Malcolm Deisenroth, Jr.
BS GeoE '44
Alumni Achievement Award
Malcolm Deisenroth, Jr. set forth in 1944 on a lifetime career of oil and natural gas exploration and extraction—a career so successful that it spawned ancillary ventures into insurance, banking, ranching, and, more important, into the building of an enviable record of community service.
At age 24, Deisenroth left a corporate paleontologist's security to form a partnership with John Crain—an alliance still active after half a century. Successful as consulting oil and gas geologists, they later became explorers and producers of oil and natural gas in their own right.
In 1963, Deisenroth was elected chairman of University National Life Insurance Company of Memphis. He also entered into another venture that year—raising purebred Brangus cattle. Within two years, he was named "Rancher of the Year" for his contributions to improving soil conservation, grasses, and the quality of beef cattle.
Deisenroth became chairman of the board of the Bank of Tulsa in 1983. During his tenure, the bank won industry recognition for its assistance to minorities and the indigent, and for community social development. A family business, Deisenroth Gas Products of Tulsa, founded in 1984 to produce petroleum products, still follows that mission today. But business success was only the "enabler" for Deisenroth's abiding interest in church and community. The governor of Oklahoma asked him in 1991 to help reorganize the state's business development agency, the Development Finance Authority. He stayed five years as a member and as chairman.
For over 40 years, Deisenroth has been a financial adviser to the Episcopal Diocese of Oklahoma. In 1985, he was given the Diocesan Bishop's Award for Vision. As a trustee of St. Simeon's Episcopal Home in Tulsa, he co-chaired the fund drive, and then he helped plan, design, and build a nationally acclaimed Alzheimer's Disease unit. In 1993, the American Association of Homes for the Aging recognized Deisenroth as its National Trustee of the Year for outstanding service. He was founder of the Day Center for the Homeless in downtown Tulsa and won a community commendation for his work to rehabilitate law offenders.
Deisenroth and his wife, Patricia, reside in Tulsa, Oklahoma. They have four children, four grandchildren, and one great grandchild.
Nicolas M. Georgitsis
Alumni Achievement Award
Nicolas M. "Nick" Georgitsis is a native of Greece. He came to the United States in the 1950s on a Fulbright Grant. It was with the assistance of the International Institute of Education that Georgitsis identified Washington University as his college choice. In 1958, he received a B.S. in Electrical Engineering. He also holds a degree in industrial engineering science and management.
Following graduation in 1958, Georgitsis went to work for Wagner Electric in St. Louis as a field engineer and became director of international operations. He joined Bendix International in 1967 and served in various executive positions including president of Bendix do Brazil and president of Bendix European Operations. In 1978, Georgitsis was named vice president of American Can International, overseeing the company's Latin American and Far Eastern businesses. He joined American Standard, Inc.'s Automotive Products Group in 1979 serving as vice president for several different divisions. Later he was also given responsibility for Tyler Refrigeration operations, a subsidiary of American Standard and was elected to the board of directors of the company. During his tenure at American Standard, Inc., Georgitsis built the automotive group to a global business. He was responsible for the reorganization and restructuring of the rail equipment business in the United States and Europe and established new ventures in the United States, Brazil, China, Japan, and Europe.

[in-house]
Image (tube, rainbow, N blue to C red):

Georgitsis serves as a consultant to corporations and investment banks. He holds directorships on the boards of Treadco, Inc. and Mosler, Inc. and is a member of the Operating Management Board-Latin American Fund for Trust Company of the West. He is a former member of the European Management Foundation and several other professional societies.
Nick Georgitsis and his wife participate in the Scholars in Engineering Program and also sponsor a scholarship in the College of Arts and Sciences. They have three children, two of whom have received degrees from Washington University. The Georgitsis' make their home in both the United States and Greece.
Dennis L. Kessler
Alumni Achievement Award
Dennis "Denny" Kessler received undergraduate and graduate degrees in engineering. In 1964, he accepted a position with Fel-Pro Incorporated, where he worked until 1998 retiring as co-president and member of the board of directors. During his 34 years, Kessler held the positions of vice president of engineering, vice president of manufacturing, vice president of the original equipment sales, vice president of international relations, as well as president of the Ventures Group.
Kessler was part of the Fel-Pro management team that developed a company culture and work/life program that gained international recognition. In 1997, Fortune magazine ranked Fel-Pro fourth in its list of best companies for which to work. Fel-Pro is listed as one of the 10 best companies in The 100 Best Companies to Work for in America. In 1997, Working Mother magazine chose Fel-Pro for the 12th straight year as one of the 100 best employers for women. Fel-Pro has also been chosen as the "Employer of the Year" in Illinois. In 1994, Fel-Pro received special recognition from the Business Enterprise Trust, founded by Norman Lear, for its programs that enhance the quality of life for employees.
In 1998, Kessler formed Kessler Management Consulting and serves as its president. He continues to serve as a director of several corporations as well as a member of the advisory board of the MMM Program of the Kellogg Graduate School of Northwestern University and the College of Commerce of DePaul University.